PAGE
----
I spent the night before the wedding in New York with my girlfriend Randy. Iliked the romantic notion of not seeing the groom until I walked into the chapel. Ours had been a five-year long-distance relationship.I felt myself exhale whenever we had the chance to be together. His soft voice,open smile, and sharp intellect drew me to him. His talents—so different from mine— scientific, organized, and optimistic—gave me the patience to wait years. We had met inan empty disco inside the Warwick Hotel. It was not love at first sight, but I was verytaken by his shoes—lace ups, tied up tightly. I'd never been with a man who wore them. Ithad always been sneakers, work boots, and cheap loafers."Hello, How are you?" he asked, with no guile."Good. How are you feeling?" I responded over the sweeping Barry Whiteorchestrations."I feel like a blueberry pie," was his non sequitur, a giveaway that he was feelingnervous standing next to a friendly blonde with tight white pants. He offered to buy me adrink in record time. Here was a guy with some class. Had we not met then, we never would have again. We had no friends, schools, or family in common. On our seconddate, Barney purred up in a vintage BMW down the blue collar street where I lived withmy parents. My mother leaned against the screen door watching with me."That's him," I said.She scooted out behind me, barefoot, in a loose flowered nightgown carrying ashot glass filled with Galiano."Hey, Bernie, have some," she said leaning into his open window. "You mightneed it." And she laughed.When he reached out, tipped the glass toward her and cheered, “Centi Anni,” hetook my heart.He proposed five years later in January. My first inclination was to elope thatnight. "Let's fly to Miami or Las Vegas," I suggested."Sure," he agreed, but I knew he wanted more than that for his family, so we made plans.When I showed my mother the diamond, set in an antique platinum setting, shecould not help saying it. "Now who will take care of me?" I swallowed a ball of anger welling in my throat, so I could say, “I will.” I wanted enchantment, not a reminder that Iwas all she had.I made arrangements for a wedding ceremony at the United Nations Chapel onSaturday, July 29th, followed by a small reception at my in-laws apartment. I plannedanother party for the next day in Philadelphia with everyone invited—aunts and cousins,neighbors—anyone who could not make it to New York. The UN Chapel accommodatedinterfaith marriages. Hanging from its ceiling were five flags, one with a cross, another the Star of David, the Muslim scarab, Sanskrit. Depending on the couple's faith, theappropriate flag descended. Ours was the traditional Jewish/Catholic merger.At first it seemed that it would work out. My mother was doing well and we planned accordingly. She selected a salmon-colored chiffon dress, empire-waisted,accordian pleats with a slightly flounced hem. She ordered trays of cookies, sprinkledwith powdered sugar, flecked with silver almonds for house visitors. Week by week,however, her health declined. At the end of May, she had surgery, and woke up in a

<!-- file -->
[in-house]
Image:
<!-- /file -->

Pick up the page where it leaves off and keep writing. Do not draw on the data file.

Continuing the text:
dream, lost to us, detached from the world. She had moved somewhere in her journeytoward death, returning to me only in moments.The surgeon shrugged his shoulders. "Could be the anesthesia, a brain met, theother drugs. She'll improve." He squeezed her toe under the sheet and shuffled into thewide hallway. Her long-time oncologist had vanished—a seminar, a retreat, burned outfrom witnessing perpetual loss.At the beginning of July, I had to make a decision."She's not going to make it, she's not going to get out of the hospital," I said toBarney. "I don't think we can have the reception in Philly. It doesn't make sense.""I'll do whatever you want," he said. He was sympathetic, but inexperienced insorrow. He studied disease, but not its emotional tributaries, and burdens. He was raisedin the perpetual sun of an orange grove in Florida, with four nannies in white starcheddresses, a gardener, and a driver. He was the son of a surgeon, praised for the way he sang"Oh Susanna.”I called Debbie. "What's the right thing? Should I call the whole thing off?”"It's like this," she intoned with shard of South Philly twang. "You gotta do thisthing. It'll work out. I'll say a rosary. Your mother wants you married now."I began undoing arrangements, canceling flower orders, losing the deposit on thePhiladelphia reception, paring the event down to its essential parts. There would be notime for wedding jitters, wet feet, wet eyes, or second thoughts. When I look back, Irealize that I compressed my wedding ceremony to the parts I wanted most: the place—  New York, attended by my two closest relatives—my cousin Denise, and sister Catherine.I asked some aunts to come to New York, but they hesitated—the traffic, the trip. "Maybeyou should postpone," one suggested."Until when?” I said, or thought I said.The day came, but not many family members after all. Not my mother, not myfather—unable to leave his wife’s bedside. Not my brothers—too dependent on drugs toventure out of the neighborhood. Not my aunts or grandfather—too angry at me for daring this. No neighbors—too far, Manhattan, parking's a problem.I had Denise. She looked elegant, her hair twisted in an inky chignon, as simpleand unembroidered as the occasion. Catherine walked me down the aisle in a suit theexact color of Denise's dress. The wisdom of chance.Four friends attended. They were not merely witnesses, but participants. I neededeach one. Tom and Peter took pictures. Debbie negotiated with the florist and catererswho had balked about the reduction in the order. Randy organized the music and Hilarieworked the crowd. None of them tried to cheer me on, or pretend it was a perfect day, andI appreciated that.My husband's family was there in fullness: his five blonde aunts, jingling withcharm bracelets and gold chains, his cousins, friends from Washington and Pennsylvania,uncles with smoothly shaved faces, and his parents, of course. When I arrived at thechapel, a breeze lifted my short veil and his aunt Shirley patted it down and dabbed mylipstick with a tissue.They were mine now.His father arrived at the chapel with his Yorkie, Sebastian, in tow. Valerie, hismother, toted three empty Bloomingdale shopping bags and another filled with glass